Energy One Belgium Disaster Recovery Exercise of 13/06/2020

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On Saturday the 13th of June (luckily not a Friday), the team at Energy One Belgium held their first Disaster Recovery (DR) exercise together with their IT infrastructure partner.

So what is DR?: Disaster Recovery involves a set of policies, tools and procedures to enable the recovery or continuation of vital technology infrastructure and systems (and operations) following a natural or human-induced disaster.

Since Energy One Belgium’s founding in 2008, we have detailed Disaster Recovery procedures and playbooks in place for our 24/7 dispatching desk – which are evaluated and refined on a yearly basis. As we mentioned in our latest newsletter these have proven to be useful and have been strengthened throughout the Covid19 crisis – with every dispatcher able to work from home. Our dispatching colleagues in France and Australia offer additional fall-backs as well. (See )

In line with our ISO27001 certification project we have to simulate a disaster that would severely disrupt our main data centre in Kortrijk, Belgium. The goal of this DR Exercise was to simulate the ‘fail-over’ to our back-up data centre in Brussels. How long would it take us to get all IT systems and databases up and running? This is very important since we are a provider of reliable Software-as-a-Service. Of course our data centres are ISO27001 certified and have many redundancies and fall-backs in place to keep operational during power outages, etc. Nevertheless we have to test the ‘worst-case’ where we lose a full data centre. This calls for a team of experts!

The exercise

There are many ‘moving parts’ working behind the scenes to plan and execute such a comprehensive DR exercise. The planning took a few weeks and we had to inform our customers well in advance, as well as all the market parties we communicate with (TSOs, SSOs, etc.). Because of Covid19, our A-Team for the day was separated across different locations.

The exercise started at 5:00 am (yes it was early!), with the fail-over of the software application servers. The complete fail-over of our application servers took 15 minutes, and went smoothly. After these machines were up and running in the back-up data centre, some extra configurations needed to be applied.

  • Internal/private DNS changes (2 minutes)
  • Energy One Belgium Gas & Power application servers steps (10 minutes)
    • Configure reverse proxy with the correct backup data center application servers
    • Database fail-over
  • Energy One Belgium Market Communication application servers steps (120 minutes)
    • Configure reverse proxy with the correct backup data center application servers
    • Change the IP address according to the backup data center network
    • Change routing configurations according to the backup data center

At 7:30 am all was configured and up and running, so we started with internal testing by our Operations and Business Team according to the testing plan. This testing is necessary to check if all communications were set up correctly and all applications are working as expected. We quickly noticed that two market operators (TSOs) did not implement/whitelist our DR IP address correctly (= the IP address for our 2nd data centre). In line with our DR playbook we decided to do all other necessary tests and then to fall-back to our main data centre. This in order to ensure trading/business continuity for all our clients active on these 2 markets.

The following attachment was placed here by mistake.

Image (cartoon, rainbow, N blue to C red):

We started our fail-over back to the main data center at 8:25 am after sending out communications to our customers and market communication counterparts. By 9:00 am everything was up and running again in our primary data center. Below you see a graph with the availability for our software platforms during the DR exercise.

Unfortunately, after being up and running in the main data center, one of our application servers didn’t boot correctly, leading to logon problems for external users. This was solved withing 30 minutes by our IT Infrastructure Providers.  After evaluating this, we conclude that the reboot issue was not caused by the fail-over exercise.


The main goal of a DR exercise is to move beyond ‘theoretical what-if’ and to identify points of failure in real-life circumstances.

Following the evaluation of our DR exercise we’ve added some major improvements to our backlog:

  • Change our DNS provider to lower the ‘Time To Live’ of DNS records
  • Improved network configuration for application servers
  • Fail-over configuration updates for application servers
  • Availability tests for external AS2/4 communication parties: so we know 100% that each TSO/SSO/counterpart accepts data/messages from our backup data centre

As an overall conclusion, we can say that all of our core functions were up and running correctly in the backup data-center within the hour. For the tasks that did not run as expected, we will give our commitment that these items will be solved in a timely manner.

Once again many thanks to everyone who contributed to this test leading to further improvement and continuity of our software as a service!

I can confirm we are on track with our ISO27001 roadmap as mentioned during E-World 2020.

Kind regards,

Jan Corluy – CTO at Energy One Belgium

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